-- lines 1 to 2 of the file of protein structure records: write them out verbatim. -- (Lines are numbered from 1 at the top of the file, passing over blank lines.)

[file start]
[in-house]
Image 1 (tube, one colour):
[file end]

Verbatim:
[in-house]
Image 1 (tube, one colour):